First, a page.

As fresh waves of COVID continue to spark global fears, the focus is shifted to remote patient monitoring. Moreover, as the pandemic makes newer milestones, leaving devastation in the wake, as always, social distancing is considered the first line of defence. Until we have an effective weapon to mount an offense, technology, to a great extent, will continue relieving the pressure on the healthcare system.
WHO recommends one doctor per 1000 patients as a healthy ratio but in countries like India, that number goes unachieved as healthcare networks are only yet to spread in rural areas. In another study by Centers for Medicare & Medicaid Services, an estimated 13000 beneficiaries of fee-for-service Medicare received telemedicine support ahead of the first known reports of an outbreak in the US. By the end of April 2020, that number swelled to a whopping 1.7M.
In the wake of the first wave, telehealth apps (combined) saw a 158% jump in users. In Japan too, online healthcare realized a 15-fold increase in subscription. If these numbers were anything to go by, it's an indication that demand for remote patient monitoring will soar in the future as it is in the present. From all statistics, it's possible to deduce that the once $8.5B industry will see a correction in revenue by 2025 by touching numbers as high as $21.56B. All these scenarios indicate patient monitoring & telehealth is here to stay.
If you analyzed the evolution of healthcare systems, before and after COVID, there are indications of a paradigm shift in technology adoption at a never-before scale. Although remote patient monitoring has existed it hadn't proliferated to the extent it has today. So here are some of the positive changes derived from the remote patient monitoring -
Another overlooked aspect of healthcare is scaling interactions wherever possible to keep the patient-doctor relation taut and monitor vitals before it transpires into an emergency, warranting a hospital visit. With the COVID spread accelerated by lack of effective monitoring, it's time to learn from past mistakes and double back screening and patient education to stop the virus from unleashing its brute.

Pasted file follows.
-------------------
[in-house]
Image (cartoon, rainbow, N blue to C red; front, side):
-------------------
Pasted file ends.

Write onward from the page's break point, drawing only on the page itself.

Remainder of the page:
Remote patient monitoring greatly benefits both ends of the care from a clinical and economic perspective in real-time. Several benefits of remote patient monitoring in the COVID-19 pandemic include faster intervention of care if pacemakers could alert physicians upon sensing abnormal pulse. The data could also reduce the time spend hospitalized by detecting conditions in nascent stages and adjusting care accordingly.
Another great example of patient monitoring in action is the cardiac monitoring platform that is helping patients at the therapy level. The RPM systems paired with smartphones and portable tabs allow secure transmission of vital data detected by pacemakers to caregivers whom the patient visits for an encounter.
Major hospitals serve millions globally using up the full benefits of remote patient monitoring technology. The most common remote patient monitoring applications we've seen during a pandemic are those that served cardiac patients. The real challenge facing the future of remote patient monitoring is making the technology accessible to physicians and patients. Only fewer healthcare providers have modern capabilities to receive patient data and prepare an action plan. However, most hospitals have a mechanism that allows them to get notified if implanted medical devices detect anomalies.